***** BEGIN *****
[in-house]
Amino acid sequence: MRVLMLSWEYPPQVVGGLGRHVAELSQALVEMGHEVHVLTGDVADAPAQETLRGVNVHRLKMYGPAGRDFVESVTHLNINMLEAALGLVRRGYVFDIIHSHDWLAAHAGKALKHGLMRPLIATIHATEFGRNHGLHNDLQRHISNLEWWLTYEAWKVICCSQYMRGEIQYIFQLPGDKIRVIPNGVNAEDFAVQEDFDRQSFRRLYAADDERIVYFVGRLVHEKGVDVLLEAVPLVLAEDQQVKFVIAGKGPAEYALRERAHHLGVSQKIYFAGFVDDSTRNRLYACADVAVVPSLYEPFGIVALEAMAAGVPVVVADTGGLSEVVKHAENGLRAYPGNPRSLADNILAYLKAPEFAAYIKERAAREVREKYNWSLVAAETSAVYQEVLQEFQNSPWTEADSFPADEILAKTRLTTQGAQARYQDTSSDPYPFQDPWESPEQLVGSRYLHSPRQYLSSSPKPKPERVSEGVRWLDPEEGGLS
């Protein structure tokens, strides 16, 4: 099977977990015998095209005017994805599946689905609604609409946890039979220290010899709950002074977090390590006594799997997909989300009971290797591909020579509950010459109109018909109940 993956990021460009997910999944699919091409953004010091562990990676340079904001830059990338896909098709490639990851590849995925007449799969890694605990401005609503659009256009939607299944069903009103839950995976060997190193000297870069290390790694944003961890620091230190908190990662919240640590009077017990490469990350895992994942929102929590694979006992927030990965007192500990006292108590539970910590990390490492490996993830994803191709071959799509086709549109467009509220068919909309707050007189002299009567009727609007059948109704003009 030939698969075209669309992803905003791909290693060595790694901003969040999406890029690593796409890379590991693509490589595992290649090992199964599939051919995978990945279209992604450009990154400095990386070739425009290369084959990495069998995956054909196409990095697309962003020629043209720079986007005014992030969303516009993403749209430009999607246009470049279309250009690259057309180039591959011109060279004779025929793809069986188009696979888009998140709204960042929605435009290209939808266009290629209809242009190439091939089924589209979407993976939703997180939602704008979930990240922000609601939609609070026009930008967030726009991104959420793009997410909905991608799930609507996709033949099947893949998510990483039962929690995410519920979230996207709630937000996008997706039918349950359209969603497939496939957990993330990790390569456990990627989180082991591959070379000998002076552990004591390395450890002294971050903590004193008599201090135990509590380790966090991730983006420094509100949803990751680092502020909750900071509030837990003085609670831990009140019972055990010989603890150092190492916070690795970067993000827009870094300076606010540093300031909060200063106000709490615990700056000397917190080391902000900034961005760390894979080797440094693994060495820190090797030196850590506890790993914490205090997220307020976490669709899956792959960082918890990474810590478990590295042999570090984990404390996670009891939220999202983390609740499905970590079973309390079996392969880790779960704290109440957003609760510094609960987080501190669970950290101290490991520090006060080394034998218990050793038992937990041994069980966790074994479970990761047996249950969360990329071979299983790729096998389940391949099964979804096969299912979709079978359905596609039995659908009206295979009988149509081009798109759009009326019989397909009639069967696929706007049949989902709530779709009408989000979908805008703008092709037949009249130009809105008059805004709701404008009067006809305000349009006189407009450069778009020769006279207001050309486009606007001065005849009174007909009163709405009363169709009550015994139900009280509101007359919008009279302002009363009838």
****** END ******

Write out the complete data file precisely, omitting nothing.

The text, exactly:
[in-house]
Amino acid sequence: MRVLMLSWEYPPQVVGGLGRHVAELSQALVEMGHEVHVLTGDVADAPAQETLRGVNVHRLKMYGPAGRDFVESVTHLNINMLEAALGLVRRGYVFDIIHSHDWLAAHAGKALKHGLMRPLIATIHATEFGRNHGLHNDLQRHISNLEWWLTYEAWKVICCSQYMRGEIQYIFQLPGDKIRVIPNGVNAEDFAVQEDFDRQSFRRLYAADDERIVYFVGRLVHEKGVDVLLEAVPLVLAEDQQVKFVIAGKGPAEYALRERAHHLGVSQKIYFAGFVDDSTRNRLYACADVAVVPSLYEPFGIVALEAMAAGVPVVVADTGGLSEVVKHAENGLRAYPGNPRSLADNILAYLKAPEFAAYIKERAAREVREKYNWSLVAAETSAVYQEVLQEFQNSPWTEADSFPADEILAKTRLTTQGAQARYQDTSSDPYPFQDPWESPEQLVGSRYLHSPRQYLSSSPKPKPERVSEGVRWLDPEEGGLS
């Protein structure tokens, strides 16, 4: 099977977990015998095209005017994805599946689905609604609409946890039979220290010899709950002074977090390590006594799997997909989300009971290797591909020579509950010459109109018909109940 993956990021460009997910999944699919091409953004010091562990990676340079904001830059990338896909098709490639990851590849995925007449799969890694605990401005609503659009256009939607299944069903009103839950995976060997190193000297870069290390790694944003961890620091230190908190990662919240640590009077017990490469990350895992994942929102929590694979006992927030990965007192500990006292108590539970910590990390490492490996993830994803191709071959799509086709549109467009509220068919909309707050007189002299009567009727609007059948109704003009 030939698969075209669309992803905003791909290693060595790694901003969040999406890029690593796409890379590991693509490589595992290649090992199964599939051919995978990945279209992604450009990154400095990386070739425009290369084959990495069998995956054909196409990095697309962003020629043209720079986007005014992030969303516009993403749209430009999607246009470049279309250009690259057309180039591959011109060279004779025929793809069986188009696979888009998140709204960042929605435009290209939808266009290629209809242009190439091939089924589209979407993976939703997180939602704008979930990240922000609601939609609070026009930008967030726009991104959420793009997410909905991608799930609507996709033949099947893949998510990483039962929690995410519920979230996207709630937000996008997706039918349950359209969603497939496939957990993330990790390569456990990627989180082991591959070379000998002076552990004591390395450890002294971050903590004193008599201090135990509590380790966090991730983006420094509100949803990751680092502020909750900071509030837990003085609670831990009140019972055990010989603890150092190492916070690795970067993000827009870094300076606010540093300031909060200063106000709490615990700056000397917190080391902000900034961005760390894979080797440094693994060495820190090797030196850590506890790993914490205090997220307020976490669709899956792959960082918890990474810590478990590295042999570090984990404390996670009891939220999202983390609740499905970590079973309390079996392969880790779960704290109440957003609760510094609960987080501190669970950290101290490991520090006060080394034998218990050793038992937990041994069980966790074994479970990761047996249950969360990329071979299983790729096998389940391949099964979804096969299912979709079978359905596609039995659908009206295979009988149509081009798109759009009326019989397909009639069967696929706007049949989902709530779709009408989000979908805008703008092709037949009249130009809105008059805004709701404008009067006809305000349009006189407009450069778009020769006279207001050309486009606007001065005849009174007909009163709405009363169709009550015994139900009280509101007359919008009279302002009363009838």